I need to clear some things up about General/ThreadSafety. The documentation says General/NSUserDefaults is not thread safe… so if I were to use that in a thread, would I need to a) subclass it and implement an General/NSLock in the subclass, or b) make my own generic user defaults system that reads and writes to the normal user defaults before and after the thread is complete, or c) simply call performSelectorOnMainThread on the user defauts object? Also, with General/NSFileManager, what’s the best way to make that thread safe? (threads are so annoying… ) :) Thanks –General/KevinWojniak
For the most part, General/ThreadSafety is only a concern when you have multiple threads writing to a data structure. If many are reading you should always be ok (unless there is some strange side-effect code in what look like read-only methods). If one is writing and many are reading, the sanity of what happens is fairly implementation dependent (it is usually fine unless you are working with data which must be modified atomically).
Most likely you should make your own classes which access General/NSUserDefaults and General/NSFileManager for you after locking a semaphore (an General/NSLock held as an instance variable) since subclassing classes which you didn’t write is usually iffy (unless there is documentation telling you how).
You won’t be able to use performSelectorOnMainThread since that call is one-way (as I understand it) so you won’t be able to use anything which has a return value that you want (although it may be a possibility for the writing methods).
Since both of these objects are singletons you could cheat and lock access to them with static General/NSLock instances (although it is consistent with how those classes are accessed, it is generally an inelegant idea).
As I said before, though, you can usually get away with ignoring General/ThreadSafety issues so long as you are only reading data (but there is a possibility that the implementations will be put into an insane state by such behavior). To be safe, though, the best way is probably to make these calls go through a thread-safe wrapper.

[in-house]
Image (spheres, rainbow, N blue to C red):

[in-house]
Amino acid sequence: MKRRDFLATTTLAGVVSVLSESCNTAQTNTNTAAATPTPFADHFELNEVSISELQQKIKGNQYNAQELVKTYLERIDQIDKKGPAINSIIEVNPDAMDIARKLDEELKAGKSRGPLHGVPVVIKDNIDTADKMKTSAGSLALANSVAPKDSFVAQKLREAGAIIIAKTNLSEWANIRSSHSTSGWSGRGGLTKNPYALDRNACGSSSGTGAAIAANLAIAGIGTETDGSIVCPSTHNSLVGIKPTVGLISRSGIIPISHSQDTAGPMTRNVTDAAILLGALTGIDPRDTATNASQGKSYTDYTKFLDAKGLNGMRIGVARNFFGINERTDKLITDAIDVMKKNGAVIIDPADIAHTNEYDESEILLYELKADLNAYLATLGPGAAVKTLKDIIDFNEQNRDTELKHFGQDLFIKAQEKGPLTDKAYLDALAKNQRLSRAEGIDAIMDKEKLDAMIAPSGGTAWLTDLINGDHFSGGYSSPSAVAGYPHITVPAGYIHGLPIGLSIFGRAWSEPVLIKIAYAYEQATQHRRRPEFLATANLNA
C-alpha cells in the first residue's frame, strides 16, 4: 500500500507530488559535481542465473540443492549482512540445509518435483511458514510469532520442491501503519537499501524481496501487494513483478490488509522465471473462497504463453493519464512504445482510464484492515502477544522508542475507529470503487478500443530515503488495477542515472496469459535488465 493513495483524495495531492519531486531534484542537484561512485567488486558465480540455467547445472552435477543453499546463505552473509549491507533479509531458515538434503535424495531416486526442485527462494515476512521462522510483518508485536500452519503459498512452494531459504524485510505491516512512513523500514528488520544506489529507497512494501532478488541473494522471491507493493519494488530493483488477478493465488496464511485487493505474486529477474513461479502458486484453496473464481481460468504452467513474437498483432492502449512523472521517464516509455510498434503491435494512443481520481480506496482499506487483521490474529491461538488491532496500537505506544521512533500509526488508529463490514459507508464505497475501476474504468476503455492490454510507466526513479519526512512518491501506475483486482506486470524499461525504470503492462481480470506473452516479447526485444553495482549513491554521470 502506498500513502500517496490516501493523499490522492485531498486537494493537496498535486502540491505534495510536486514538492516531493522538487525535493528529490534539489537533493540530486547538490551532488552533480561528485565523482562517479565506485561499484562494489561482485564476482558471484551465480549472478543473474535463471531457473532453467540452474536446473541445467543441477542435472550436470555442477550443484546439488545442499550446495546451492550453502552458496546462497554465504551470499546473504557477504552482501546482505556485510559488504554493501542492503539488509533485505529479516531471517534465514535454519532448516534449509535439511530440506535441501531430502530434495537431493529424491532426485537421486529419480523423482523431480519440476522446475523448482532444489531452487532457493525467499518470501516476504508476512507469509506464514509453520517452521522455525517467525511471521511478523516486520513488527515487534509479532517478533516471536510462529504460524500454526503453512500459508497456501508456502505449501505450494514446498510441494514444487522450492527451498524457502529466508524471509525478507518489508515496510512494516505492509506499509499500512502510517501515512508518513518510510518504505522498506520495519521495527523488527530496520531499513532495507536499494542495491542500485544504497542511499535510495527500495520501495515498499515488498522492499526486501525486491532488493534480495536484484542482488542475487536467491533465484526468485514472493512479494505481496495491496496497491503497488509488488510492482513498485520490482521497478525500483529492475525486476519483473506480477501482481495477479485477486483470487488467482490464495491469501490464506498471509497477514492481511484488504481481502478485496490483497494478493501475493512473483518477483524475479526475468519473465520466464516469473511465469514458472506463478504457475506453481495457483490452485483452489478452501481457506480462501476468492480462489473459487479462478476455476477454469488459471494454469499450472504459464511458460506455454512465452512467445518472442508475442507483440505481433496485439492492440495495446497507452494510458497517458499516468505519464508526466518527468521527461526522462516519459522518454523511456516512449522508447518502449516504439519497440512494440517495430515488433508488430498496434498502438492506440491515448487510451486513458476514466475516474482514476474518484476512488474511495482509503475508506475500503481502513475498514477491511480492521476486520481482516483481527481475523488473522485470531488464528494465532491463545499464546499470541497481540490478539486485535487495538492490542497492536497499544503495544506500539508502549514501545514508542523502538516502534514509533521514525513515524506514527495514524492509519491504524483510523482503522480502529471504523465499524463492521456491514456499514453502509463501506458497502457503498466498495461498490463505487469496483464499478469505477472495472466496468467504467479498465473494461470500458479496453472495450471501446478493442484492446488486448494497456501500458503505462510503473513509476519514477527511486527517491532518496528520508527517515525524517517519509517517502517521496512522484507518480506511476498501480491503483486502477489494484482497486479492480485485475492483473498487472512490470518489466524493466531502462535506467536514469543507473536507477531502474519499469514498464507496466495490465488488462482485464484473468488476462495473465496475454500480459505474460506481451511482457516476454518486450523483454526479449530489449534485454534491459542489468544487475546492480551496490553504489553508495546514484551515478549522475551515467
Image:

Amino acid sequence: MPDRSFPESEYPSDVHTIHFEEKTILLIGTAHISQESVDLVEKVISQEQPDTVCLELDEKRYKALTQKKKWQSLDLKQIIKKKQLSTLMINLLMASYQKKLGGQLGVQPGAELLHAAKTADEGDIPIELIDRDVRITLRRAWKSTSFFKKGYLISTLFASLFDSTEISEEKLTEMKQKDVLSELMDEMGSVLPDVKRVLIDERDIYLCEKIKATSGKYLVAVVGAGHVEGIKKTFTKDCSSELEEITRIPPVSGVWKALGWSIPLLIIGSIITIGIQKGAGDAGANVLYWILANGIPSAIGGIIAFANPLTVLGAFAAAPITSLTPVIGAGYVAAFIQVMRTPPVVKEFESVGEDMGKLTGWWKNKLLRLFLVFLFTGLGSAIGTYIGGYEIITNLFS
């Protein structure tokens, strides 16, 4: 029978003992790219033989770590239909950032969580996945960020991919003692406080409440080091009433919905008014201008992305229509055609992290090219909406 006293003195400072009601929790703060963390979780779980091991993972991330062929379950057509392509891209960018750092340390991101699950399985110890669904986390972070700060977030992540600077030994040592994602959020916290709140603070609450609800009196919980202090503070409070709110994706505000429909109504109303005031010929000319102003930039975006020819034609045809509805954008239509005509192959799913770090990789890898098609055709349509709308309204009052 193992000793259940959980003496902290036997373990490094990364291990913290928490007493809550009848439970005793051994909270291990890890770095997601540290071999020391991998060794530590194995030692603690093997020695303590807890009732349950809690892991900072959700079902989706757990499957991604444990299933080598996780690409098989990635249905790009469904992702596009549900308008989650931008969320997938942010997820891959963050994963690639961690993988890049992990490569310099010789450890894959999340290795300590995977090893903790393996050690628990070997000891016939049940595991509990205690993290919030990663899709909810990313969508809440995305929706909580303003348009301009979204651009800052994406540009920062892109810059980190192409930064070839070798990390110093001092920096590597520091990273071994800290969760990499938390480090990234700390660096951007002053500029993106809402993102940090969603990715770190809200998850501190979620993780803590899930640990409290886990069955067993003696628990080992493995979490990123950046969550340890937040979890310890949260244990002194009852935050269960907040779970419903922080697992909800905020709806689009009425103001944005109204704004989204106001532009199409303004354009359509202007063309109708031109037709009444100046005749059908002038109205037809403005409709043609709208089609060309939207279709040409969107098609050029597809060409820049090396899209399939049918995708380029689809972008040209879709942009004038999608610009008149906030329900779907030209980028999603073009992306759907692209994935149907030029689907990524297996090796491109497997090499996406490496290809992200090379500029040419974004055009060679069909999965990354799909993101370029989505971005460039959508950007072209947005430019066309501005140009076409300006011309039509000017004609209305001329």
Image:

Wrapping calls to General/NSUserDefaults and General/NSFileManager is not enough to avoid thread safety issues. Cocoa can and does access these classes on its own, and it won’t politely go through your wrappers first.
What may help out is the General/NSObject call ‘performSelectorOnMainThread’. This will block your main thread, until your main thread can execute the selector. This may cause some slowdown of your main thread, but if your only doing it a few times, it should work.
Well that does work if you’re setting an object to General/NSUserDefaults, but doesn’t help when accessing an object from it ( objectForKey).
There are a couple of solutions.
First, General/NSUserDefaults is marked as thread safe. I’m not sure where the OP got the impression that it is not. So “using the existing, thread-safe API” could be considered a solution.
Second, you can use an alternate API that is thread safe. In the case of General/NSFileManager, you could use Carbon or POSIX functions.
Third, you could go through the trouble of setting up a distributed objects connection between the threads, and then having a proxy for the General/NSFileManager singleton exist in the secondary threads that you could call. This is high overhead and not all that easy to set up, but easy to use.
No they’re not. It says directly in the General/NSUserDefaults documentation that “User defaults are not thread safe.”
That answers that question. Now I’m totally confused. The docs do indeed state as you’ve quoted. However, http://developer.apple.com/documentation/Cocoa/Conceptual/Multithreading/Tasks/foundation.html lists General/NSUserDefaults as being thread-safe. What gives?